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March 15, 2009


By Travis Harvey

What do philosophy, science fiction, and public relations have in common? A lot, if you ask the new inductees of Phi Sigma Tau, an international honor society recognizing philosophy students’ academic achievements. Belmont University’s newest Phi Sigma Tau members plan to prove it to us with a convocation series that will draw parallels between philosophy and…well, everything.

Emily Telford, a senior philosophy minor, plans to host a lecture on philosophy’s influence on public relations, her major. “I’m planning on hosting a convocation event called ‘Philosophy and PR,’ about how the two are related,” said Telford. “Our goal is to try to express how philosophy is over-arching on everything. Philosophy really touches every field, every discipline.”

“It was George Scoville’s idea,” said the group’s faculty advisor Dr. Andrew Davis. Scoville, the RAR‘s Managing Editor, hopes the series will go further than just academics. “The whole idea behind ‘Philosophy and …’ is to try to engage the community at large in philosophical discourse,” said Scoville. “If you really like reading science fiction and are invited to join Phi Sigma Tau, you host a convocation on, say, ‘Philosophy and The Matrix‘ or ‘Philosophy and Bladerunner.’ We don’t have to stick to textbooks with this concept.”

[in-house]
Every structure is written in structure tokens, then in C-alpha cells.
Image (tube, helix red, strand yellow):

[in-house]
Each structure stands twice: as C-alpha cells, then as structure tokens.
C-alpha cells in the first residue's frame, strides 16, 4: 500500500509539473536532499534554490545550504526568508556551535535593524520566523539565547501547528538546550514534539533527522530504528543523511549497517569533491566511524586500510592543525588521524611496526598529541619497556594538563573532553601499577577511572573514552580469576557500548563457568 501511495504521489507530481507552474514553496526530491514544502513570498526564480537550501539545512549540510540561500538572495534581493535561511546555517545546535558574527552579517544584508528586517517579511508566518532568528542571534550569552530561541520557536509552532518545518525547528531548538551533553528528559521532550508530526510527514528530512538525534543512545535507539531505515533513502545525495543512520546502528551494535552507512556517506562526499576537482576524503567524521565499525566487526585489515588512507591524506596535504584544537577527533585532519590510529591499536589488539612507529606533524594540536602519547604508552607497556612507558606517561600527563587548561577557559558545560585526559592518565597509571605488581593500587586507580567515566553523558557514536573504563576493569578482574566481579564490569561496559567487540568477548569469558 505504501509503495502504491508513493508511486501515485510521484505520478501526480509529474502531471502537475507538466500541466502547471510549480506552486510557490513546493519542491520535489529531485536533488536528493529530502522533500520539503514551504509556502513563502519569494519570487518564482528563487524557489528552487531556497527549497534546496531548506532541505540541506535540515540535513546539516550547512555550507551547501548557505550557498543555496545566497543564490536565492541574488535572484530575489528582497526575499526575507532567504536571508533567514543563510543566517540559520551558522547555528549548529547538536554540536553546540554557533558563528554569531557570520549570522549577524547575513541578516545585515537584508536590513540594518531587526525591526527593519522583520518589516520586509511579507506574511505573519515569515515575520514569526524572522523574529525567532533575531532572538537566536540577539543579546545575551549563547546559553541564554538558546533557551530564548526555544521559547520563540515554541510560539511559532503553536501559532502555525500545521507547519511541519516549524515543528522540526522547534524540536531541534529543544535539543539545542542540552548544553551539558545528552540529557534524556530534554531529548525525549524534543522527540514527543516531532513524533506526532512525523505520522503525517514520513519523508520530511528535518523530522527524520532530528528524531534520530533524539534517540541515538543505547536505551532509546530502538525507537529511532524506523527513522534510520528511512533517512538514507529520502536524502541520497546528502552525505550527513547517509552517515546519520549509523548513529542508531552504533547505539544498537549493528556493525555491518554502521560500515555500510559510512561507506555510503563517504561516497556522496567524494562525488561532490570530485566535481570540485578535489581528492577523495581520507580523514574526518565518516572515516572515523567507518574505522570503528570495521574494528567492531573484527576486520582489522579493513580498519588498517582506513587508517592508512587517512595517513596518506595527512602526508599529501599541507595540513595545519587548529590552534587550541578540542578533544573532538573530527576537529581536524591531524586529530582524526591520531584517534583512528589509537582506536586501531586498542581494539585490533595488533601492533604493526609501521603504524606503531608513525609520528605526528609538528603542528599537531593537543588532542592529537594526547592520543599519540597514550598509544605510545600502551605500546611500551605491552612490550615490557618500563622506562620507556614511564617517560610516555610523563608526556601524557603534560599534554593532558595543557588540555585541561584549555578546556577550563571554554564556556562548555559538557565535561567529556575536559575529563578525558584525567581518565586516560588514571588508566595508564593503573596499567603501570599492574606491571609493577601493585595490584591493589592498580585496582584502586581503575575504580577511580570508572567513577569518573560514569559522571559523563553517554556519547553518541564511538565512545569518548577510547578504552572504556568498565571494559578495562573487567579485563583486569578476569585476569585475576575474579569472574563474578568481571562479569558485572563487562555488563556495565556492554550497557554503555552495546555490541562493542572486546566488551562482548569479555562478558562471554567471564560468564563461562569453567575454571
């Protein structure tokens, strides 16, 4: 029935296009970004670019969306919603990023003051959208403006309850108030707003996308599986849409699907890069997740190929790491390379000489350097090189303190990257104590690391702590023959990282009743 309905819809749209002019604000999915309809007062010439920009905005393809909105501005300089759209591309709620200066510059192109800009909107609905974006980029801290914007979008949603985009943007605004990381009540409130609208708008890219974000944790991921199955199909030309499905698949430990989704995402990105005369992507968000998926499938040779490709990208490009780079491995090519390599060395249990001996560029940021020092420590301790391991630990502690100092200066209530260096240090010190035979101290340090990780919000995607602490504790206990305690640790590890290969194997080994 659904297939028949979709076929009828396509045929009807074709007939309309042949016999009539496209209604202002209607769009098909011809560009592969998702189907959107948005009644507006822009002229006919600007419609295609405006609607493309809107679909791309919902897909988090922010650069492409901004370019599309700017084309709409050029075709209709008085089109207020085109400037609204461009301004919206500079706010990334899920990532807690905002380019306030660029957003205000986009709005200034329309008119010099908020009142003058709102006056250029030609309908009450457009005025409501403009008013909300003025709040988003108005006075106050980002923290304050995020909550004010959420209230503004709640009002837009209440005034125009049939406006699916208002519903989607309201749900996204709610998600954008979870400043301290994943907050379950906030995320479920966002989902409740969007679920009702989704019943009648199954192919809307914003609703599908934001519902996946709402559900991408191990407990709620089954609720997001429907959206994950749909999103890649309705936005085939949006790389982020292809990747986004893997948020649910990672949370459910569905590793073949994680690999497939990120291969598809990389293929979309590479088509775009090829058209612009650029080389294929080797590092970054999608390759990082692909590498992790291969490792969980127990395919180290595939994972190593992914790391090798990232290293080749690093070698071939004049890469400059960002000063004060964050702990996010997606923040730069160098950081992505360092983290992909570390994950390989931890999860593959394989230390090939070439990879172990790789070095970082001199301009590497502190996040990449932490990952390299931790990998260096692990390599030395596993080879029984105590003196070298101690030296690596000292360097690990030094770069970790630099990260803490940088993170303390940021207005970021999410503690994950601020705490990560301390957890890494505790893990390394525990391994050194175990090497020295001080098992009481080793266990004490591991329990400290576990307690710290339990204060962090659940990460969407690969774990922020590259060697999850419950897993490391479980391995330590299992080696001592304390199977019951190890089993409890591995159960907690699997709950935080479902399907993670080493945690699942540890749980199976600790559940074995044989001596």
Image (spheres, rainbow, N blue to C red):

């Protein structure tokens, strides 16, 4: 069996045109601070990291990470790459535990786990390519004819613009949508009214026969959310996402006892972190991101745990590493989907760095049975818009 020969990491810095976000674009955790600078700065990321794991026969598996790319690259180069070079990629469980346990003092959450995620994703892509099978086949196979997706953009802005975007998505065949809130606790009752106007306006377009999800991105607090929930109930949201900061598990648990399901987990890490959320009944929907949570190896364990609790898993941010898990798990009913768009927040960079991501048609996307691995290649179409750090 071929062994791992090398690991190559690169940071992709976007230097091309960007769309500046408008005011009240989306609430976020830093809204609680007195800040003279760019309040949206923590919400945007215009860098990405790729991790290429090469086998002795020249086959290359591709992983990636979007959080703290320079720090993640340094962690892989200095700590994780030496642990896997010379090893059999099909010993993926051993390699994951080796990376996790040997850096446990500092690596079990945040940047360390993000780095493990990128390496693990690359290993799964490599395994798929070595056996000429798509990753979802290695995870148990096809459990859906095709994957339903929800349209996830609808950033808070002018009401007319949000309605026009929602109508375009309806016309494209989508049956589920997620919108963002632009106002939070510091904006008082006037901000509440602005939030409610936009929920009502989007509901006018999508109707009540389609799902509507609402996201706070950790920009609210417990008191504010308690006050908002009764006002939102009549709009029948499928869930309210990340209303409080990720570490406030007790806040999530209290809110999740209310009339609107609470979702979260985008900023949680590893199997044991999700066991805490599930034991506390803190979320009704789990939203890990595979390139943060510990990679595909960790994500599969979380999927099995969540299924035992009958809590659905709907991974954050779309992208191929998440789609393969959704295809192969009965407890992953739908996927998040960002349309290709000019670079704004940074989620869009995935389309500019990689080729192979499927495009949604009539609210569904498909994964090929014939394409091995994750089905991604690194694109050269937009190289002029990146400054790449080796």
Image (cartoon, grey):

Phi Sigma Tau was founded in 1930 and is open to philosophy majors and minors who are in the upper 35 percent of their class and have completed at least two semester courses in philosophy. While providing distinction for philosophy students, the honor society promotes interest in philosophy among the general collegiate public. Belmont’s Gamma Chapter was re-named for Belmont University philosophy professor and former Department Chair Mike Awalt, honoring him for bringing the organization to Belmont in 1994 and his service as the group’s advisor for more than a decade. Davis has assumed the role of advisor to the group as Dr. Awalt has begun a phased-out retirement.

Davis and Scoville believe the “Philosophy and…” series will help promote philosophy to the campus community. “The events will be totally student-run, but other students will receive Academic Lecture credit, just like a regular convocation,” said Scoville. Some students have already committed to tackling philosophy and politics. Davis sees philosophy as fundamental to any study or practice of the political arts. “Philosophy offers the distance and the resources to reflect on foundational problems of political life and organization,” said Davis. “For example, how do we deal with the fact that the law must be treated as universal and absolute and yet is necessarily imperfect and in need of change? Do political communities arise out of mutual need or out of a fear of violence?”

The Mike Awalt Chapter plans to kick off the convocation series in April.

Travis Harvey is a senior Political Science major.

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